We agree that postmarket data should be used to provide additional evidence of safety, such as long-term data or to evaluate very rare risks by studying larger samples.
Unfortunately, the FDA’s track record shows it rarely uses any enforcement mechanisms when companies delay their postmarket studies, fail to conduct them as promised, or fail to complete them. Until the FDA uses the enforcement mechanisms it has in a consistently forceful manner, the push to postmarket studies is merely a sham. The result is less useful clinical data, not better postmarket data to supplement weaker premarket data.
We disagree with the draft guidance recommendation that products with mature technology that have “a robust history of testing and clinical use” can shift more data collection to the postmarket setting. Unfortunately, new devices often have risks or benefits that are significantly different from previous versions of the same type of device. For example, hip implants are mature technology but when the devices were modified (classIIImetal-on-metal hips that should have required a PMA) these “mature technology” devices injured thousands of patients unnecessarily, costing Medicare and patients billions of dollars. Premarket clinical studies would have raised a safety signal on metal-on-metal hips.
Confirm Mitigation Effectiveness
When the FDA identifies a device risk that it believes can be mitigated through specific strategies, the FDA should require solid scientific evidence that the mitigation strategies are effective prior to PMA approval. Delaying the collection of such evidence to the postmarket phase would put patients at unacceptable risk.
Conditions of Approval
The draft guidance states, “The labeling of a device approved should include a succinct description of the uncertainty about anticipated benefits and risks and the extent of data that supported approval and required post-approval study(ies).” Patients almost never see the label for a PMA device and many healthcare professionals do not read the labels. Most patients and physicians erroneously believe that FDA approval means a device has been tested for safety and effectiveness using standards similar to drugs. If the FDA plans to lower approval standards for high-risk devices, they should use a logo to indicate that.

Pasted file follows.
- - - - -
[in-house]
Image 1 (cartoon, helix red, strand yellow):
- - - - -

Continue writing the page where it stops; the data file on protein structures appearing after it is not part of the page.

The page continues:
We agree with the draft guidance that, “It may be in the best interest of public health for FDA to issue a safety communication,” if post-approval studies raise safety concerns but there is “still a reasonable assurance of safety and effectiveness.” However, we emphasize that safety communications merely supplement, not replace, evidence of safety and effectiveness and that safety communications not take the place of stronger regulatory actions, such as recalls.
Conclusions and Recommendations
We have strong concerns about this draft guidance, which seems to justify weakening the already weak PMA standards for safety and effectiveness by shifting evidence from premarket studies to postmarket studies. It could weaken current PMA safeguards for patients, putting them at increased risk of death and disability by justifying the approval of the 1% of riskiest medical devices on the basis of clinical trials that are even smaller, shorter-term, and less conclusive than the current PMA standards.
Patients want access to life-saving devices, not to dangerous, unproven devices that may be less safe and less effective than other available treatments. In most cases, a few more months of better quality research could result in the timely approval of devices that are proven to be safe and effective at least in the short-term.
American Medical Women’s Association
Annie Appleseed Project
Breast Cancer Action
Center for Medical Consumers
Connecticut Center for Patient Safety
Jacobs Institute of Women’s Health
National Center for Health Research
Our Bodies Ourselves
The TMJ Association
Women Advocating Reproductive Safety
The Patient, Consumer, and Public Health Coalition can be reached through Paul Brown at (202)223-4000 or at email@example.com.
[i] Food and Drug Administration. Premarket Approval (PMA) Web site. http://www.fda.gov/MedicalDevices/DeviceRegulationandGuidance/HowtoMarketYourDevice/PremarketSubmissions/PremarketApprovalPMA/default.htm